It was really such a beautiful spot. If you can, I highly HIGHLY recommend the 3 mile trip. You just can't feel the impact of the arch from a distance.
We finally packed up and hiked/ran the 1.5 miles back, marveling again at new rock shapes we missed on the way up.
After getting to the car we drove over to Devil's Playground Trail Head and picnic'd in the car before taking the hike out to see Landscape Arch. The Devil's Playground area is really neat. I wish we'd had the stamina left to go all the way to Double O Arch and beyond, but Landscape Arch was only 1.6 miles round trip and I know the kids didn't have much more than that in them- and I was surprised to find I might not have much more than that either.
So we soaked up more alien scenery and looked forward to seeing the longest arch at Arches- 306 yards- longer than a football field! And so we hiked and climbed and the kids ran and then, whoa, there it was!
Again, a lot is lost in translation. The arch is huge, and so thin, James kept calling it Delicate Arch on accident. Even though we'd reached the end of the trail we were supposed to do, there was a sign for a "primitive trail" that you shouldn't hike if you're afraid of heights and it looked like it went straight up one of the rocks and we just can't resist things like that, so we pressed on just a little further. Landon and I hiked up one steep pathway and then James and Cora went further. Claire decided she "just wanted to watch" so she picked a boulder and watched us, neck craned up and waving. At one point, after I had started to walk back to her, a group of 20-ish hikers passed through and yelled up to James- who was really high up, with Cora on his back- "Hey, look at that! That's a rad dad! Go you rad dad!"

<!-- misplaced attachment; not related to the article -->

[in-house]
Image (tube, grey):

Cracked us up. And he is a rad dad. Landon joined him and then they made their way down another angle while Claire and I sat on a surprisingly comfortable rock in the shade of the cliff.